The room tilted a bit and I remember the brief sense that everything was a pale shade of green. My head spun. I racked my memory for possible events that could have been misinterpreted to fit this description. None came to mind.
"I don't know what you're talking about," I said as firmly as I could muster, my face getting hot. "And I would never do that. That's just not my style."
"That's surprising, because Leonard reported that you took credit for three victories in cases that other people worked on."
My stomach turned. "When does he think I did this?"
The managing partner stared at me from across the desk. "A few nights ago," he said, "in a conversation by the elevator bank."
My jaw dropped. He kept going.
"Elizabeth, I want to make something clear to you. This has raised a concern within the partnership as to whether you are too concerned with your own ambition, and perhaps don't understand your place within the department. Your work here is in service to the partners' clients, as a team player and at their discretion, not to benefit yourself or your own aims.
"I'm making a note of this for purposes of your annual review. We'll discuss how this event will impact your promotion potential at that time."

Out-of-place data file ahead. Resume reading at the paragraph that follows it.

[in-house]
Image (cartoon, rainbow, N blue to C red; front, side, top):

I was dumbstruck. I fumbled through a response about how I hadn't taken credit for anything-how I'd just remarked in passing that it felt good to be a part of three wins in a week, that it was just a passing conversation, small talk at the end of the night, and that I certainly would never discount the team effort on any case.
"That's not how Leonard reported it," he said. "Please consider what we've discussed and get back to work."
Six months later, the event at the elevator bank came up again in my promotion discussion, as well as in my salary and bonus review. I was offered a pittance of a bonus, and within a few weeks, the nearly all-male partnership committee decided that I just wasn't a good fit for the "team player mentality" required for promotion at the firm. (A coda: a male associate with six years less experience than I, a perpetually enormous ego, and a notorious reputation for inflating his billable hours got promoted in my stead.)